Movie Review – The Wolfpack


⭐ ⭐ ⭐ ⭐
Corey Hogan

Most folks remember the countless movies they watched throughout their childhood, re-enacting their favourite moments and dreaming of becoming the classic characters they cherished. But what if this was all you knew? For six brothers and their sister locked in a New York apartment for their childhood, this was their reality… 

In recent years, documentaries seem to be increasingly transcending the barriers between the truly bizarre and the unimaginable reality. It’s a scary thought, especially when considering the subject matter of some of these films – Searching for Sugar Man and The Imposter revealed the dark truths behind people missing or presumed dead, whilst Catfish and Citizenfour threw our entire perception of identity and technological security into questions. This year it is us, the very people who love and view these films regularly, which will be shaken by a sinister skew of reality; our possible dream childhood or lifestyle lived out by group of brothers in Crystal Moselle’s fascinating but ultimately ominous exposé, The Wolfpack.

The Angulo siblings (brothers Krisna, Jagadesh, Mukunda, Govinda, Narayana, Bhagavan and sister Visnu) developed a passion and love of movies by being raised on them – just not in the same way you and I were. Confined to an apartment in the Lower East Side of New York for most of their lives and home-schooled by their parents on welfare, this “Wolfpack” learned about the world and gathered their perceptions of social norms almost entirely through their extensive viewing of movies. With no friends to interact with, the siblings use movies as a means of escaping their isolation and loneliness, utilising homemade props and costumes to re-enact classic scenes and express their own creativity and imagination. At age 15, Mukunda escapes the house and wanders the streets of Manhattan alone (in a Michael Myers mask no less, for “protection”), an act that reshapes the house dynamic and causes the kids to question their imprisonment, revealing their father’s somewhat foreboding intentions behind it all…

The premise feels like the ideal set up for a dream social experiment – what happens to the mind when it is fed and sustained entirely upon pop culture or media? It is with great luck that Moselle was able to capture this – spotting them strolling New York with hair down to their midriffs, dressed in suits and sunglasses á la Reservoir Dogs – and craft such an entertaining and compelling character study from the lives of these outcasts. It’s a blast watching the pack’s clips recreating their collection of thousands of beloved films (Pulp Fiction, The Dark Knight and The Fighter among their favourites), but also shows promise of true talent both behind and in front of the camcorder, especially on a budget limited to whatever is lying around their apartment. Mukunda is the star of the pack; taking the initiative to leave the house without permission and paving the way for his siblings’ freedom, and later dazzling with his own original directorial efforts at home. This pack is utterly endearing, thanks mainly to the ability of every cinephile or outcast to relate to some (or most) aspects of their lives.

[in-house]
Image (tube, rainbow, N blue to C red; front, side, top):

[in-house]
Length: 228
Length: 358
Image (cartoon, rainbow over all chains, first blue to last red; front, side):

Of course, it’s not an entirely charming life; dark mysteries surround why exactly their father has refused to permit his children and wife outside the apartment. A conspiracy of fear and protest against the American government, and even cult-like tendencies are brought up but sadly never satisfactorily explored – most likely due to their father’s refusal to reveal much on camera. Unfortunately this is where the film falters slightly; it struggles to find an ultimate purpose beyond its initial investigation as the kids branch out into the world and learn to become a part of society towards its climax. But as a ‘what if’ study, The Wolfpack is excellent – enjoyable, haunting and no doubt all too relatable for most film-lovers; a ‘where are they now?’ follow-up in the future would come more than welcome.

The Wolfpack is available in Australian cinemas from Thursday September 10

Images courtesy of Magnolia Pictures


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